". . . some day we’ll have a woman President," Carole Lombard Predicts

Well, it may not sound outrageous or far-fetched today, but on 22 January, back in 1939, Carole Lombard, whom past generations may have called feisty without being accused of sexism, floored them with views on the role and future of women in the US. To be sure, Lombard was merely reading the script prepared for her; but there was conviction in her voice when she declared: “You can mark my words, Cary Grant. Some day we’ll have a woman President.” Together with Grant and host Ronald Colman, Lombard was featured on the aforementioned variety program The Circle, whose writers gave the punchline to her male co-star: “She’ll never be father of her country.” Upon which Lombard expounded on the “feminine point of view,” accusing Grant of “deliberately trying to belittle the idea and bemuddle the issue. If there’s anything I hate more than a belittler is a bemuddler, and you’re a bemuddler.”

“I didn’t say a woman couldn’t be President,” Grant protested. “I know how you feel about it,” Lombard countered; by this time, hilarity had given way to some serious pamphleteering. “You’re scared. A woman will only get to be President over your dead body, which might be a very good idea.” “Well, now look, Carole. I can’t answer for the rest of the men. But I’d probably vote for this hypothetical woman,” if only to “see what would happen.”

“Well, I’ll tell you what would happen,” Lombard replied, by now stirred enough to flub her lines:

If [. . .] women ran this world it would be a better world, if you really want to know. It wouldn’t be such a sorry mess of a world. It wouldn’t be the kind of a world that bombs kids in the street and taxes their [. . .] parents to pay for the bombs. It [. . .] wouldn’t be a world where people would starve with surplus of stuff to eat around, and it would be a cleaner place, saner place, and a finer place. Because why? Because women are realists. They wouldn’t permit war because everybody knows nobody can win a war. They wouldn’t permit slums and filth and disease and poverty because those things cost everybody money. Do you know what causes war and poverty? All right, all right, I’ll tell you. Male stupidity, male sentiment and male greed. Oh, I now women are greedy, too, but they know how to get what they want, you know. They don’t let stupid sentimental considerations get in their way. They wouldn’t start a war to get a new trade or raw materials or a swell heads when they know darn well they’ll end up headless and bankrupt. It all comes down to this: men are children and women are realists. Take it or leave it, gents, take it or leave it.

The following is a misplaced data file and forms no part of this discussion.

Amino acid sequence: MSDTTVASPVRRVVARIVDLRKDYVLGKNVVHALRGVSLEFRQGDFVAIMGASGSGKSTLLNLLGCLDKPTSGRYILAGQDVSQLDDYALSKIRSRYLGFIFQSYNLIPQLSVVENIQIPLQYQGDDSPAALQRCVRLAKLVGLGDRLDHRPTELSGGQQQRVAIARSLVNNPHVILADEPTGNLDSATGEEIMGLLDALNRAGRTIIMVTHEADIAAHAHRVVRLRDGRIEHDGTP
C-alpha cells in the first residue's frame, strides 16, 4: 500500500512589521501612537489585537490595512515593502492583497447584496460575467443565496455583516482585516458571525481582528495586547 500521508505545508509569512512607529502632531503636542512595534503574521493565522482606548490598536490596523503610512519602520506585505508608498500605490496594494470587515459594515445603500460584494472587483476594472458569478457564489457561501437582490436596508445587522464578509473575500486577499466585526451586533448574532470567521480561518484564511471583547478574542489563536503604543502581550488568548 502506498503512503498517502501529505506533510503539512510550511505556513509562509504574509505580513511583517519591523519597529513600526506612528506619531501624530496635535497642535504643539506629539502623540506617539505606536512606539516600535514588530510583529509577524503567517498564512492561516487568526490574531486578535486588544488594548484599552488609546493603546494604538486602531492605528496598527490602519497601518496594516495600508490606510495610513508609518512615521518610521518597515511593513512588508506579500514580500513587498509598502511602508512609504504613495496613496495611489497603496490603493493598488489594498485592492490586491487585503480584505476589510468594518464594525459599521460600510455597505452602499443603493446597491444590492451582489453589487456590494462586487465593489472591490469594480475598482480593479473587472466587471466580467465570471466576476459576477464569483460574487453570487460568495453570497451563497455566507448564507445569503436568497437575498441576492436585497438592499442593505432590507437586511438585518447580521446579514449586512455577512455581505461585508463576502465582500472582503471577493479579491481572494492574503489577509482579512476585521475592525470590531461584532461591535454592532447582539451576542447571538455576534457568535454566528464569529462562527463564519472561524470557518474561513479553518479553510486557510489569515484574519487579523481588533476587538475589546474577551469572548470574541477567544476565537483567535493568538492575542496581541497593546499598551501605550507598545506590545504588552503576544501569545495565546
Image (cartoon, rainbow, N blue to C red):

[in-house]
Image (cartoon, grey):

Three years later, very nearly to the day, the star of To Be or Not to Be would give her life in the effort to rally support and funds for the war (as I mentioned here). Was Lombard, a regular in a Circle of male stars (including Groucho and Chico Marx), called upon to reaffirm the nurturing role men assign to the supposedly fairer sex, however vehemently the position was stated? Was she a mouthpiece for isolationists, her speech a product of “[m]ale stupidity, male sentiment and male greed”?

Parody or propaganda, the words Lombard hurled into NBC’s unevenly drawn—and quickly withdrawn—Circle make for one of the most confounding moments in the history of radio entertainment. As to the accuracy of her White House prediction, at least, we may be close to getting an answer.

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